Gov. Newsom is in St. Helena this morning, touring communities threatened by the Glass fire and meeting with local, state and federal representatives.

Watch his briefing here:

11:45AM: North Bay air quality reaches unhealthy levels, may last into next week

Wildfire smoke choking the sky above the North Bay is causing air quality to reach “unhealthy” levels, which will likely persist into at least early next week, according to air quality regulators.

Juan Romero, a spokesperson with the Bay Area Air Quality Management District, said regulators are currently preparing to extend a Spare the Air alert for the Bay Area currently set to expire Friday to until Tuesday. An official announcement is expected in the next few hours, he said.

Romero said winds from the northwest are pushing smoke form the massive August and North complex fires burning in the northern part of the state over the North Bay. That haze is mixing with smoke from the out-of-control Glass fire, causing air conditions to worsen.

Those winds are expected to increase this afternoon, which may cause additional fire danger.

“If the winds pick up, it’s going to stoke that fire and make the smoke worse… ” Romero said. “While the fires are burning, we’re going to be dealing smoke impacts.”

Gerry Diaz, a National Weather Service meteorologist, said that much of the smoke is accumulating at higher altitudes. That’s similar to what happened last month when smoke from wildfires burning and up and down the West Coast blackened the sky. But Diaz said the impact from current conditions isn’t expected to be as severe.

“The good news is there’s a lot less smoke concentration aloft,” he said.

While air quality remains unhealthy, officials are encouraging people to remain inside with doors and windows closed as much as possible.

11:15AM: Red flag warning extended to Saturday

A red flag warning for the North Bay mountains and Glass fire burn area has been extended through early Saturday, meaning hot, dry, windy conditions will cause additional fire danger.

The warning begins at 1 p.m. and now continues through 6 a.m. Saturday.

Gerry Diaz, a National Weather Service meteorologist, said winds are expected to reach 15 to 20 mph with gusts as high as 30 mph at elevations above 1000 feet, coupled with critically low humidity lasting into the nighttime.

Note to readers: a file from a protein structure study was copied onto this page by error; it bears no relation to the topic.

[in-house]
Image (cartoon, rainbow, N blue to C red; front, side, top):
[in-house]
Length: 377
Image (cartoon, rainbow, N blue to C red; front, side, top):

“Those two things are why we’re expecting to have those hazardous fire weather conditions,” he said.

Temperatures throughout much of Sonoma County are expected to climb above triple digits this afternoon, with some areas reaching a high of 104 degrees.

However, overhead smoke from the Glass fire, as well as from the massive wildfires burning further north, could keep temperatures cooler than currently forecast, Diaz said.

But residents may have to wait until the red flag warning expires on Saturday for substantial relief from the heat.

“If there’s any silver lining, we’re expecting those temperatures across the North Bay to come down into this weekend,” Diaz said.

8:30AM: Fire grows by about 5,500 acres as progress is made on containment

Cal Fire reports progress made on the Glass fire containment lines overnight – up to 5 percent Thursday morning.

The fire grew by an estimated 5,500 acres, to a total of 56,781 acres blackened as of early Thursday. No additional structures beyond the 36 reported Wednesday have been destroyed.

More than 2,100 firefighting personnel are battling the blaze that began Sunday morning in Napa County and spread west, endangering Trione-Annadel State Park and Santa Rosa’s eastern edge.

More than 50,000 Sonoma County residents were evacuated at the peak danger, though most have been allowed to return home, and power is being restored in those areas.

Containment was listed at 2 percent Wednesday night at 51,266 acres burned.

Fire crews using bulldozers and hand tools will continue reinforcing lines Thursday and aircraft will fight the fire from above when visibility conditions allow, Cal Fire said.

Heat may be a challenge for firefighters today as highs may rise to triple digits later Thursday and on Friday. A red flag warning goes into effect at 1 p.m. for elevated fire risk.

Santa Rosa will open a cooling station for those needing to escape the heat.

At 1 p.m., the Franklin Park Clubhouse at 2095 Franklin Avenue in east-central Santa Rosa will be open for anyone needing a respite.